You are stopped at a red light, checking text messages on your phone, when you are interrupted by a tap on your window. You look up, and find yourself staring straight down the sights of a Glock 9 from the wrong end. Quickly, you search your memory for any unpaid parking tickets or traffic citations, until you realize that there is not a badge being worn by the individual at the other end of those sights. As you attempt to recall any enemies you’ve recently made (business deal gone wrong, creative accounting with your tax filings, forgot to pick up kids from soccer practice), the individual gestures for you to exit the vehicle and give him the keys. You’ve just been carjacked.
Carjacking is a crime that occurs some 40,000 times annually. The vast majority (93%) occur in urban areas, and roughly 75% involve the use of a weapon. Carjacking victims have suffer a 30% injury rate, with 20-30 fatalities each year. The focus of this article is to avoid being one of the 30% that is injured.
How to avoid injury during carjacking?
To understand how to avoid injury, it is helpful to understand the motivation and tactics of a carjacker. In general, there are two reasons for a carjacker to forcefully take a vehicle from its owner:
- He needs to get somewhere quickly, or
- He really likes your car. Expounding on the latter, your car could be valuable for its parts, a joyride, or an opportune vehicle to cause damage to something else.
In addition to the gunpoint takeover mentioned in the introduction, carjackers also look for running vehicles without a driver in the seat. They have even been known to cause a reason for the driver to get out of the car, such as a minor collision or flagging down the driver for help.
A carjacker’s ideal crime is to quickly obtain the vehicle without causing damage or injury, and avoiding notice. In many cases, they will select a different target if the crime cannot be conducted quickly or covertly. In the gunpoint scenario, the fact that you are being asked to exit the vehicle probably means that he prefers not to shoot you outright (risks to detection and damage to the vehicle). Find some comfort in this fact should you find yourself in this situation.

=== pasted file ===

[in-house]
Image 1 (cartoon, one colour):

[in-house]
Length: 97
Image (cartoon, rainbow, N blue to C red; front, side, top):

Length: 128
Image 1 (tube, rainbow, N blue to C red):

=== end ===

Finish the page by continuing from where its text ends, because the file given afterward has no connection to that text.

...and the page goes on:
How to avoid becoming a victim?
There are plenty of tips on how to avoid becoming a victim, which will be briefly summarized here: situational awareness, locked doors/windows, and avoiding dark or isolated areas. There is also some good guidance on how to recover and mitigate losses from a carjacking: automobile insurance, contacting authorities quickly (hopefully you have your license plate memorized), vehicle tracking systems, and not keeping your house keys on the same chain as your car keys.
As a carjacking victim, the time between that tap on the window and watching your taillights speed away are the critical 20 seconds that determine if your next ride will be in an ambulance. Since it can be generally assumed that it is in the carjacker’s best interest to do this nonviolently, compliance is usually the safest option.
Should you choose to escalate force on somebody who already holds the advantage, you do so at great peril to yourself. Be calm, attempt to gather your belongings (phone, purse/wallet) if given the option, and exit the vehicle. It hurts to willingly give your vehicle to a criminal, but consider the cost decision you are already in: a $500 automobile insurance deductible, or a $2000 health insurance deductible. In nearly all cases, it is economically advantageous to accept the lower deductible, rather than pay them both. And it is most definitely better than a $250,000 death gratuity to your next of kin.
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As difficult as it is to hear, just let him (or them) have the vehicle, and don’t resist. Even if it is a beloved vehicle with your favorite Lynyrd Skynyrd cassette in the tape deck, just let it go. No vehicle is worth your life or serious injury.